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Rank is but the Guinea Stamp

What originally did I join Freemasonry for? Comradeship. In that, I think I have a lot in common with many an aspirant. At the time of my initiation, I had only a hazy idea about the spirituality, the esoteric side. I had not done much research. True, I had been fascinated by Walton Hannah’s attack on Freemasonry Darkness Visible. Incidentally, I often wonder if Fr. Hannah knew that his book might encourage people to become Freemasons.

What I had been told was that the lodge I was to join was a lodge of ritualists, and the idea of taking part in an arcane ceremonial sent a small frisson of excitement through me. But no, it was the prospect of closer comradeship with, I hoped, like-minded people that really attracted me. It goes without saying that I had little idea about hierarchy, beyond knowing that there was a Master who govemed the lodge with his Wardens; still less did I know about promotions and adornments of elaborate regalia.

Of course I was soon disabused of my naivety. The attention paid to giving precedence to Grand Ranks in the 1960s was enormous. And still earlier in the lodge’s history, I found that it had been the practice, in the 20s and 30s, for ‘junior’ Brethren to address those holding Grand Rank as ‘Sir’, and for them to address the ‘junior’ Brother by surname only, as in a boys’ boarding school, without even the benefit of the title ‘Brother’.

Well, that sort of thing has changed, and a good thing too. But it would be a mistake to suppose that, as an Order, we have ceased to be obsessed by rank. At the close of a meeting of one of the London Groups recently, the Chairman asked, despairingly, if there were any further questions, but not to do with promotion. London, of course, is rather better off than the Provinces, in not automatically commuting active ranks to past ranks, and indeed in not awarding past ranks like confetti in the first place. But the constant hankering after rank in all parts of the country seems not to have abated, however enlightened we seem to have become.

Up until the last issue of Freemasonry Today, at least, some of our readers seemed to share this obsession. I say some of them, because my own postbag bears ample testimony to the fact that for many of our readers the subject of promotion is profoundly boring. I had an email not so long ago from a Brother who said ‘It would be nice if we could rid our wonderful Craft of masonic graffiti. I love Masonry, and all it stands for,’ he continued. ‘But more and more I am dismayed by the number of Brethren I encounter who seem hell-bent on seeking rank, not as a way to serve, but to bolster their ego.’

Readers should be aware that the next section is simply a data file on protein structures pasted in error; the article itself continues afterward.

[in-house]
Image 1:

There are two aspects to a Grand Lodge or Provincial Grand Lodge opening and closing, involving as they do very complex arrangements for processing in and out. On the surface, it looks very much like pomp and circumstance. But of course ceremonial plays a crucial part in everything we do as Freemasons. The opening of Grand Lodge is as much a way of raising our consciousness as is the opening of any private lodge. If we can concentrate on that, we may be getting somewhere.

But, sadly, there are some for whom rank and precedence are the essential part of this. As Freemasons, we lay great stress on the importance of the Centre, that being a point in ourselves from which we cannot err. To know your centre is crucial, but it is important to distinguish between self-centredness, which may be largely egotistical, and being centred on yourself, which is to know and understand yourself, what we might call self-awareness or self-validation. In our ceremonial, our aim is to become centred on ourselves and the group of which we form a part. In rank-and-precedence scenarios, the aim, I am afraid, may all too often be self-importance.

All this sounds rather negative. But let me say that it is always revealing and heartening to see how many Freemasons happily pursue their masonic tasks without any thought of personal reward. Of this, my postbag also bears ample testimony. These Freemasons are those for whom the inscription on the Round Table in the film Camelot is true: ‘In seeking to serve others, we become free’. And as Free-Masons, what could be more worthy of aspiration than freedom?

Another two quotes come to my mind. One is from the Pro Grand Master of UGLE in his inspiring talk Whither Directing our Course at last summer’s Cornerstone Conference. He said, ‘I have read many booklets produced by different Provinces to explain Freemasonry to their candidates. So many of them, however, deal with the form and etiquette of the Craft and do not give any real explanation of its purpose and content.’ He was at pains to remind us that we need to understand what our Craft is and what it does for us as individuals. My second quote does in a way mirror the first. A young Freemason, initiated not long ago, was told by a Past Master of his lodge before an installation meeting: ‘What goes on in there is all theatre. It doesn’t mean anything. It’s just a show’ Happily, not many Freemasons subscribe to that view.

Let’s get down and get to grips with this potentially wonderful system. Let’s forget self-promotion. Let’s clean up the graffiti, open up, and think for ourselves.

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